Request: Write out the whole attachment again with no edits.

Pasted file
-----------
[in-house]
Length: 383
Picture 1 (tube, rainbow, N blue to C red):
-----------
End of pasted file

[in-house]
Length: 383
Picture 1 (tube, rainbow, N blue to C red):